While all friendships are unique, ones forged in the military stand out and so do bonds our soldiers forge with civilians. It is important to make the best out of any friendship during, before and after deployments. Not everyone who is in the armed forces can make or retain friends in the military but they do have civilian friends who are just as supportive and dear to them. Both kinds of friendships are unique in their own way and each has its own rewards. However, military based friendships can seem more beneficial for obvious reasons. Friends who are part of the military can commiserate with you without judging you and without being invasive. You can share the stress you feel about deployments, how you deal with your PTSD and they can share their experiences to help you cope. Plus, you don’t have to explain what you do and why you do it either. They have lived through those experiences themselves and understand the pain you are feeling. In other words, military friends just get you and understand your fears and joys deeply.
Military and Civilian Friendships
Those who serve the country take the bonds they forged during their service every seriously and those friendships often last a lifetime. Even if a member leaves a unit, there is a chance that they will leave all of the friends they ever made behind as well. Rotations can take years which is quite common in all branches. However, members know this and are ready to make new friends in new units to replace older ones. However, members in the military never truly abandon friendships because they know it might be the last time they see each other. They follow an unspoken code in this regard and reunions are always joyful affairs since they meet as if they have never been separated and there is no resentment from either party. Civilians on the other hand may have difficulty understanding why their military friends may not be able to keep in touch or call them even if they are in the state. Most are posted for an extended period of time and friendships between them and civilians can take a long time to forge. However, people who understand the struggle often make long term connections with their military counterparts and many help them reconnect to the civilian lifestyle after retirement. Military wives for instance step up when spouses are deployed elsewhere and support other wives. This includes helping sick friends, taking care of the kids among other things.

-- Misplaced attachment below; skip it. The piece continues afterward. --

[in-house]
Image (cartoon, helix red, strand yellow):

The MyCAA or Military Spouse Career Advancement Account helps military wives support their families financially and share that burden with their deployed spouse. The scholarship program is part of the Department of Defense or DOD and its aim is to provide military spouses access to the education they need to land high growth careers. If you have a spouse who is serving active duty or a member of the National Guard, you are eligible for this program. You can also get a scholarship if you start the program and complete while your husband or wife is on Title 10 military orders. Certification programs can last from 6 to 9 months but you can end sooner if you choose an online program you can take at your leisure. So if you want to complete your education and get a better degree, sign up for the MyCAA scholarship program today. Make money to support your family and gain new experiences while your spouse is deployed. All you need to do is contact Meditec and the team will be more than happy to answer any queries you may have. You can also get help choosing from the range of programs on offer on the website. If you are confused as to what you should take, contact the admissions advisor using the toll free number. If you want a study buddy in the US or overseas join the student forum and ask around. Once you complete your education, contact career services and get help in creating your resume and getting access to more employment opportunities. Sign up for the program today and start your MyCAA career.